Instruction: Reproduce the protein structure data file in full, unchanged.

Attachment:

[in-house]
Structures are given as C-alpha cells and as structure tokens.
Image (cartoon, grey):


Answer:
[in-house]
Structures are given as C-alpha cells and as structure tokens.
Image (cartoon, grey):